A Letter to Heart Reach - Please Help Lemiuex the cat
Please Forward to ALL Animal Lovers and Groups...
No one will adopt Lemiuex - Please Help! April 18, 2006 7:24 PM I am truly hoping you can help me with a very difficult situation. I own a very sweet rescue cat who had a rough childhood -- the original owners tried to drown him by tying him in a pillowcase and throwing him in a lake -- and I've kept him for about 12 years. He is skittish but that is not the problem. The problem is that he urinates all over my house and has been doing this for about 11 1/2 years.
I now need to move out of my house to a different city and into an apartment. No one will adopt Lemiuex. I need to find a home for him immediately. (I would love to find him a place that has a cat protection fence so he could be outside and protected but his urinating wouldn't be a problem.)
I have tried everything. I have tried two different anti-anxiety drugs on him, I've tried behavior therapy, I've tried Feliway, I've tried every urine and odor eradicator made, I've tried different litter boxes, I've tried different litter. Nothing works. I now have resorted to fans to keep him away from the floor areas in the kitchen (a favorite urination spot) but he jumps on the counter and urinates there. I've tried caging him while I'm out. He urinates when I get home and let him out.
You are the fourth rescue org I've contacted. I've posted a notice in the no kill newsletter. I have talked to friends, acquaintances, the vet, etc. It looks like I will have to do something I never thought I'd do -- put him down. And he is the sweetest cat in every other way. My time is very limited as I am moving and the house needs to be urine free so it can sell.
I would be grateful for any assistance you can provide.
Best regards, Elisa
letter back to me.. April 18, 2006 7:30 PM
Thank you so much for getting back to me. I am happy to "sponsor" him (ie cover his vet bills/food/etc. through donations to your organization or to the individual who will take him in). I have had him thoroughly checked by my vet, and they could find no medical reason causing this. He is neutered. He also has a tendonectomy (?) which means he can't extend his claws.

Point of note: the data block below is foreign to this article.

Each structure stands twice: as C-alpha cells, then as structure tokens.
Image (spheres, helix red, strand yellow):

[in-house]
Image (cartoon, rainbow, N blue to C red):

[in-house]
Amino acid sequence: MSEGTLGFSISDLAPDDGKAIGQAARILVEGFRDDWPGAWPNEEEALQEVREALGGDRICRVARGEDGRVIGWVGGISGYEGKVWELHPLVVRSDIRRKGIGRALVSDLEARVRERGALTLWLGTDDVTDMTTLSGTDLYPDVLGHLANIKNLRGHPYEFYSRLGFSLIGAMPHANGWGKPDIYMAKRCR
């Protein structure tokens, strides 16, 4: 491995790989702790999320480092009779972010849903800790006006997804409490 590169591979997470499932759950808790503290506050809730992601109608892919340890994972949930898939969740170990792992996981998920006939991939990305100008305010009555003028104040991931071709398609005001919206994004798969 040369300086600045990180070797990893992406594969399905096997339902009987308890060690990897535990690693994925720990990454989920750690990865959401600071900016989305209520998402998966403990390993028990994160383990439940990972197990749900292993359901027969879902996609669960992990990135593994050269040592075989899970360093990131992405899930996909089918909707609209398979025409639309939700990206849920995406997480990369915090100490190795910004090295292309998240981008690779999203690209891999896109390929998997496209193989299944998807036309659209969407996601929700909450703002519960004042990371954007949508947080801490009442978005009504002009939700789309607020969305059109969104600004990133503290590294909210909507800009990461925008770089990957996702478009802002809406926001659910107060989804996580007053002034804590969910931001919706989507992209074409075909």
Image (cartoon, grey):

I lost my job in September last year and am still looking for full-time employment. I need to sell my house because I cannot afford to cover the mortgage any longer and will be staying with friends until I can rent a small apartment. I have two other rescue cats, Gretzky and Biscuit. No apartments in my area will allow more than two cats, and I'm not sure my friends will even be thrilled with two.
I cry every time I think about having to put Lemieux down and am looking for any way to avoid that. I need to put the house on the market at least by mid-May. Do you think something could be arranged by then?....
I should mention, I am from the Kansas City area (my dad lives in Belton, MO; and my sister and her family live in Shawnee Mission, K but I live in Austin, Texas. I have been emailing shelters across the US in an attempt to save my cat. If something can be arranged with you I will drive him up to Wichita at your convenience.
Best regards, Elisa Fink
Natalie K. Emails sent to Heart Reach Animal Sanctuary April 21, 2006 6:45 AM
Above, are copies of the two letters we received from Elisa.
There must be someone out there that will give this sweet hearted cat a home to live out his life. Someone that could build him an outside addition to their house.
I know we can find him the perfect home.
Kat O. I April 21, 2006 5:09 PM
I crossposted this to my group Animal Hotspot....
if anyone can help this kitty...Contact the owner ASAP......thanks ya'll!
Natalie K. Thanks Kat! April 25, 2006 9:24 AM
I know we can find a loving home for this poor guy...Hugs and thanks sooo soo much!
Love, Natalie Kallenbach
Natalie K. Thursday, 1:23 AM
Hi, Natalie: I'm just checking in. I'm running out of time and have to get my house scrubbed (de-urinated) so the real estate people can come by to put it on the market.....Let me know if I can bring Lemiuex up to you.
Elisa Fink <email@example.com> wrote: Natalie: it is ok to post. i have heard from other so called rescuers who told me to put lemieux down so others could be adopted...
keep me posted; lem and i are hopeful
Urgent Can Anyone Help?? Thursday, 5:50 PM
Please read posts above, surely there is someone willing to adopt this loving cat. He has no more time!
I said he could come here to the shelter, but I'm worrried this will be hard on him. We are at capacity now...
Lem(the cat) needs someone and somewhere he could go outside safely. Please contact me or Elisa at the above email, me(Natalie- Heart Reach) firstname.lastname@example.org
Thank you for your help...keep up the hope for Lem!
Advocates press for no-kill policy at county shelters
By Diane Dietz
Published: Sunday, April 30, 2006
Lane County animal shelters kill dogs and cats at twice the rate necessary to relieve the animals' suffering and remove vicious dogs from the streets, say animal welfare activists who promote a drastic reduction in killing.
The government-run Lane County Animal Regulation Authority and the nonprofit Greenhill Humane Society killed about 3,400 dogs and cats by lethal injection last year, shelter statistics show. This amounts to 52 percent of the cats and 16 percent of the dogs that passed through the shelter doors.